Even though his plan was to die in the Toronto van attack, and even though he knew he’d be incarcerated if he survived, Alek Minassian was motivated by the notoriety he would achieve in the dark corners of the internet for the mass killing, court heard on Monday.
In a video clip shown at the 28-year-old’s trial, Mr. Minassian, in an interview with a psychiatrist, said that if he was given the opportunity to speak to the families of his victims, he would “tell them the truth”: that he targeted innocent or random people because he knew he’d be “patted on the back” online.
Mr. Minassian’s defence team has argued he should be found not criminally responsible, or NCR, for the van attack on April 23, 2018, in which he killed 10 people and injured 16 others by using a van to run down hordes of pedestrians on Yonge Street. Lawyer Boris Bytensky has argued his client’s autism spectrum disorder made him unable to understand on a rational level that what he was doing was wrong.
The interview clip was entered during the fourth day of the prosecution’s cross-examination of Alexander Westphal, a forensic psychiatrist who specializes in autism spectrum disorder and conducted a psychiatric assessment of Mr. Minassian.
Dr. Westphal has testified at length about what he has characterized as Mr. Minassian’s “literal” interpretation of things he read online, in internet chatrooms and forums dedicated to mass killers and the incel subculture, which is a misogynistic collective of men who blame women for their inability to have sexual relationships.
“No doubt Mr. Minassian’s plan was conceived in the context of his saturation with provocative, hate-filled material on the internet,” Dr. Westphal, who is a key witness for Mr. Minassian’s defence, wrote in his report. “[Autism spectrum disorder] made him less able to appreciate the theatrical, exaggerated nature … or the dark humour behind some of it. He took it very literally.”
Crown attorney Joseph Callaghan has argued that Dr. Westphal picked and chose what to include in his report in order to fit a predetermined narrative.
Bur after four days of critiques, Dr. Westphal remained firm in his views, arguing that his report was a reflection of his clinical opinion, and that he was doing his best to digest and analyze a broad situation.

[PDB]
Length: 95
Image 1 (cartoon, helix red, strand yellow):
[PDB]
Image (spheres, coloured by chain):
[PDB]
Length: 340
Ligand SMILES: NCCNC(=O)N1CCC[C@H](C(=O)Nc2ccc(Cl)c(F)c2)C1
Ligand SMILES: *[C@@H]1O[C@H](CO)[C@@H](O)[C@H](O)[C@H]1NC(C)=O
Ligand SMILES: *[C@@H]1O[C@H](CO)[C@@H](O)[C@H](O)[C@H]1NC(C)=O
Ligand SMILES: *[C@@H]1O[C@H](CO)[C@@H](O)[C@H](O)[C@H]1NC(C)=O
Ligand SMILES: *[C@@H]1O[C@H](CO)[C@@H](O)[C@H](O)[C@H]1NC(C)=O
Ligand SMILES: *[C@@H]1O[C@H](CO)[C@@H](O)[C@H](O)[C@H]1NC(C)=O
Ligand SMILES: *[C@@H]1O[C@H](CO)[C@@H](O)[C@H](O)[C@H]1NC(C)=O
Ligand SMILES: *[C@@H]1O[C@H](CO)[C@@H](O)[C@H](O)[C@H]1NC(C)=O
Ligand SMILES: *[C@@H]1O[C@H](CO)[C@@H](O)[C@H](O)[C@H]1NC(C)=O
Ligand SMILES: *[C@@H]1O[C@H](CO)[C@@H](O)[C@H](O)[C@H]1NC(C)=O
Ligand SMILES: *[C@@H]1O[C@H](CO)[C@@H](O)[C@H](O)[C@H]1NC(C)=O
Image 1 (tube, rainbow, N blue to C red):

“I feel like we’re going in circles here,” he told Mr. Callaghan at one point Monday.
For example, the two butted heads for some time over a reference in Dr. Westphal’s report to the “nervousness” that Mr. Minassian described feeling in the lead-up to the attack. He also told the psychiatrist that had his rental van reservation – made in early April – fallen through, it might have been the “best-case scenario,” and that going through with the attack was a “backup plan.”
In Mr. Callaghan’s view, this showed Mr. Minassian wrestling with the moral decision. In Dr. Westphal’s, it showed a concrete and “binary” thought process.
One of the main points of contention throughout the cross-examination has been whether Mr. Minassian understood the impact the attack would have on other people – including the families of his victims as well as his own family.
When it came to his parents, for example, court heard that Mr. Minassian told psychiatrists that he believed his parents would be “100 per cent” emotionally affected by what he’d done, but only “5 per cent” affected in their day-to-day life. While Mr. Callaghan said this reflects Mr. Minassian’s understanding of the impact this has had on them, Dr. Westphal suggested instead that it was an abstract interpretation of their immense devastation.
In the video clip shown to court Monday, in which Mr. Minassian was asked what he would say to his victims’ families, he said he imagined they’d have a hostile reaction to any sort of apology from him, which he thought would be seen as “disingenuous.”
Dr. Westphal will return Tuesday for re-examination by Mr. Bytensky.